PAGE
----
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Third, in addition to the legal obstacles discussed below, such predatory competition in the securities industry would be largely fruitless and self-destructive. The relative ease of entry into the business would make it attractive for others to enter the business if rates were subsequently raised to a level which produced a high rate of return.
Fourth, the antitrust laws prohibit predatory pricing practices designed to harm competitors or foster monopoly,63 and the Antitrust Division of the Department of Justice has asserted its belief that it has adequate authority to deal with any such practices. 64
Because it does not appear that the smaller and regional firms will be driven out of business by competitive commissions, the argument that fixed commissions are necessary to keep these firms in business so as to preserve their role as underwriters of regional and smaller companies does not seem well founded. While there may be inefficient firms, large and small alike, which will be unable to survive a competitive regime, it is clear that many smaller and regional firms will survive to provide a full range of local services.
Nevertheless, even without regard to the ability of these firms to compete effectively for securities commission business on transactions in the secondary markets, the argument that commission business in some manner subsidizes underwriting business is not supported by those who have testified on the subject. While some firms may need the income from a mix of activities to be profitable, it appears that underwriting is generally much more profitable than securities commission business and may even subsidize the latter. 65
ii. Ability to Raise Capital
The argument has been made that competition will reduce profitability and therefore make it more difficult for the industry to raise capital. Since the ability to raise capital depends on profitability, this argument really is that under fixed rates firms have been earning an artificially high rate of return which has enabled them to raise capital at lower cost.86 There is serious question, however, whether it is in the public interest to subsidize the raising of capital by all securities firms, efficient and inefficient alike, through a fixed commission schedule. The result is to make it possible for inefficient firms to raise capital which will not be put to its most effective use, since inefficient firms use more capital than efficient firms to support a given volume of business. Because the evidence indicates that firms in all size categories will be able to survive and compete effectively, and therefore profitably, in a competitive environment, there is no reason to believe that efficient firms will have difficulties raising capital. This is particularly true in light of the finding by the Friend and Blume Study that "any decline in brokerage profitability would fall mainly on the less efficient
62 “[T]here is free entry in the securities industry because fixed costs are low.” Testimony of Donald Feuerstein, 6 House Hearings, at 3013.
63 See analysis in 1 Securities Industry Study, Hearings Before the Subcomm. on Securities of the Senate Comm. on Banking, Housing & Urban Affairs, 92d Cong. 1st Sess., (1971) at 77-79 (hereinafter cited as "Study Hearings”). Parts 1 and 2 of those hearings were held in the 1st Session of the 92d Congress; parts 3 and 4 were held in the 2d Session.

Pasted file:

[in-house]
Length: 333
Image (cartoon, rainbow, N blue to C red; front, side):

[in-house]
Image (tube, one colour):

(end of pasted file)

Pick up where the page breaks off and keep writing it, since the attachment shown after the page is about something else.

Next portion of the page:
65 Statement of the Department of Justice, id. at 27; Testimony of William Salomon, 8 House Hearings, supra note 12, at 4037. Friend & Blume Study, supra note 13, reprinted in Commission Rate Hearings, supra note 7, at 397; Hayes, Investment Banking: Power Structure in Flux, Howard Bus. Rev. March-April 1971 at 136, 137-38. 66 See Friend & Blume Study, reprinted in Commission Rate Hearings, at 395.
64 Id, at 29.
firms in the industry. The more efficient firms might very well experience an increase in profitability."67
Thus, to the extent that the advent of competition would make it more difficult for marginal and inefficient firms to raise capital, the market would be operating in the manner in which our free enterprise system for allocating capital is supposed to operate. As Donald Regan testified:
Would the securities industry become so capital-poor that it could no longer carry out its important public function? In the last 9 months, a considerable number of securities firms have gone to the public for their capital. More plan to do so. When that process stops, if it does, the market will be telling us that no more allocation of public capital to this industry
should take place for a while.68 b. Effect on Trading Markets
Another argument which is made against competitive rates is that fixed commissions are essential to market liquidity-at least on institutional-sized transactions. To the extent that there has been any articulation of the rationale for this argument, this concern appears to rest on the premise that the "cushion" of commission rates which are substantially in excess of the costs of the services rendered is necessary to induce firms to position large blocks of securities. 69
Based upon the experience to date with negotiated rates, it appears that this fear is unfounded. The NYSE study of the effects of negotiated rates (on portions of transactions above $500,000) upon liquidity during the period April 1971 to September 1971 came to the following conclusion: